LOCATION : FLAME STUDIOS @ CONSTITUTION HILL
TEXT BY HOLLY BELL BEATON
Since Covid has kept most of us homebound for the last year or so, I reflected on some of my favourite travels in the last couple of years. One that has stood out is my trip to Kenya where I had the wonderful opportunity to spend some time with the Samburu tribe.
Leaving behind the bustle of Nairobi, I was excited to experience this way of life first hand. Arriving at the nature reserve in the north-central region of Kenya, we were warmly welcomed by the tribe. As it turns out, also in time for a very special ceremony celebrating the young boys becoming men, an event that only takes place every five years.
The overriding reason for my visit was to summit the sacred Mount Ololekwe. This mountain is of extreme cultural significance to the Samburu, hence best experienced in the company of a Samburu guide. John, the eldest son of the chief, was my guide, and as we set off at dawn, it was evident that he had a lot to teach me about the mountain and all of its wonders. Although we came from two different worlds, we share a mutual and deep respect for nature.
Flower child is a narrative based on a flower that can grow beneath the concrete and still manage to blossom through the surface. The individuals that are never broken down from upbringing and lifestyle situations. Individuals that walk out on the streets and manage to give joy and happiness to others even with the odds stacked against them. The corners of our four rooms have enabled the vibrations of life to shine through our dimmed windows and our two plates have fed a generation that stomach the lifespan of what it means to live beyond your means. How we grant the ability to water our living nature with nothing but positive attributes to those that believe in a better tomorrow.
Life is a circle of energy, it rotates between those who attract the frequency it provides. A flower child will soon realise that happiness is not embodied around material confinement but courage and strength to understand and accept that being true to self has greater success, and that alone is the biggest accomplishment. Kasi Vogue, a generational influence movement to a society of self awareness, belonging and the everyday shift of universal contributions to a community of love and solidarity.
The longevity of our existence is measured by the ability to identify the wealth we inhabit within our roots. In that note we will then begin to undergo a beautiful transition of self empowerment and empowerment of others. The race doesn’t become a spirit but a marathon to a world filled with opportunities of enlightenment for a better tomorrow for us all.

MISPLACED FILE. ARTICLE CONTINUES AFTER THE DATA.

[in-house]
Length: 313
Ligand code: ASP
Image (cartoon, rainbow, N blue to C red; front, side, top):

PHOTOGRAPHER : @thato_director_p
CD : @warren_meko & @prince_okem @shoster_dresscode
FASHION STYLISTS : @warren_meko & @prince_okem
WARDROBE BY : @dresscodexxl
MODELS : @warren_meko & @prince_okem
HAIRSTYLIST : @urban_mimz
MAKE UP ARTIST : @bassie_makeupartist
LIGHTING ASSISTANTS : @stdhedpic & @sisterbozza
ACCESSORIES : @sisterbozza
A cinematic portmanteau paying homage to the culture, identity, and digital creativity of a global Africa.
Welcome to the first stop on our cross-continental tour exploring how the internet has enabled filmmakers from the African diaspora to trade visual motifs and styles—giving rise to a bold, black, and globally influential aesthetic. Curtis Essel is a British-Ghanaian filmmaker whose creative agency lies in pedagogy, drawing on his personal experiences to educate audiences on inclusive and diverse narratives.
Allumuah was selected for the 2020 Tribeca Film Festival and was announced as the winner of the Vimeo Best of the Year Award (Experimental). Its instant success and beauty lie in its mix of digital imaginings, spoken parables, and vivid scenes shot across Ghana’s capital. Intergenerational storytelling, the theme of this project, is a time-honored form of knowledge-sharing across Africa, where pearls of wisdom are used to instruct younger generations.
Not only does this film honor Essel’s grandmother, who went by the name Allumuah and was an admired storyteller, but it also honors the lineage of African artists who have gone before the director.
Allumuah is a cinematic portmanteau, blending the thinking of Ekow Eshun’s 2002 book “Black Gold of the Sun,” the aesthetics of filmmakers John Akomfrah and Ngozi Onwurah’s The Last Angel of History (1996) and Welcome II the Terrordome (1995), and pulls frames from renowned photographers Felicia Abban, Samuel Fosso, and Malick Sidibé. “Simply put,” says Essel, “Allumuah is a love letter to all Africans around the globe, championing the idea of unity for Africa’s dignity, progress, and prosperity.”
Read on for an interview with the director…
What impact did reading “Black Gold of the Sun” have on you as an artist?
An extremely profound one, especially when it comes to understanding the politics of identity. “Black Gold of the Sun” allowed me to introspectively examine some of the subconscious ways people of the African diaspora act. The book allowed me to understand my position and how I’d leverage it within communities in England and Ghana.
I went to Ghana for the first time as an adult in 2018 and, in hindsight, it was nearly impossible not to embody some Western conceptions of cultural hierarchy. I’d subtly exert more authority by putting on my “Britishness” to negotiate better results for myself. I grew up in England and claimed to be Ghanaian, which is ironic because I wasn’t well versed in the culture or the language. When I was in Ghana, I removed this identity in order to thrive. It wasn’t a conscious effort but symptomatic of systematic colonialism embedded within the community.